This is a piece Stephen Dau posted last September on his blog. Stephen Dau is the author of The Book of Jonas and lives in Brussels. Entire post may be read here. Excerpts below.
There has been some debate, lately, about whether the refugees living in the refugee camp in the middle of Brussels are actually refugees, or if maybe they should be referred to as migrants. The British and American press tend to call them migrants. Mostly, that’s because migrants can be dealt with through existing bureaucratic structures. Migrants are safe. Migrants are business as usual. But refugees constitute an emergency. The French press knows this is an emergency. The French press calls them refugees. Migrants seek opportunity. Refugees flee wars. These people are clearly refugees.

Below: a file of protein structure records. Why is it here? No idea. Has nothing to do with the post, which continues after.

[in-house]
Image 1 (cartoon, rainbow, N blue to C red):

Then everyone stops to look at something. The television cameras have all been trained on what looks to be some major event around a small folding table in the middle of the camp. It’s impossible to see what it is though, because so many cameras have stopped to video it. No one can see past the large cameras, and everyone’s curiosity is piqued. Finally, a different angle, a different view, and someone realizes that all the cameras, in their hyper-vigilent pursuit of symbolic moments, are recording footage of soup being ladled from a pot into a bowl. This is what passes for drama in what is essentially a large, open-air waiting room. When a child begins crying in his mother’s arms, the cameras click like paparazzi snapping glimpses of royal children.
Super writing. Also his novel is really good.